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Holistic Approach to Reduce Generational Poverty in MD

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Wednesday, November 12, 2014   

BALTIMORE - Children who grow up in low-income families tend to become low-income adults, so breaking the poverty cycle needs a more holistic approach.

A report from the Annie E. Casey Foundation released today makes that case and recommends focusing on high-quality and affordable early childhood education, while simultaneously providing parents access to job training and tools for career advancement.

Nonso Umunna, research director at Advocates for Children and Youth in Baltimore, says there are 128,000 low-income households with children in Maryland.

"These are families that are really hard-working," says Umunna. "They have to do about two jobs, three jobs, sometimes four and that has an impact on their children."

He says the state's plan to phase-in minimum wage increases will help, but an entire-family approach is still needed. Examples include flexibility at work, access to high-quality, affordable child care, boosting the Child Tax Credit for low-income parents of young children, and expanding the Earned Income Tax Credit.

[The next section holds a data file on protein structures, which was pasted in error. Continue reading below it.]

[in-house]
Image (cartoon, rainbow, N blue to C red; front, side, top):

Patrice Cromwell, director of strategic initiatives at the Casey Foundation, says the goal is to break the cycle of poverty by strengthening families.

"Supporting parents in their ability to get and keep a job and be a strong parent," says Cromwell. "The same time as supporting kids to get a good start early in learning, as well as a good start in school."

She adds, solutions should use existing public, nonprofit and private programs, but establish better coordination between those programs.


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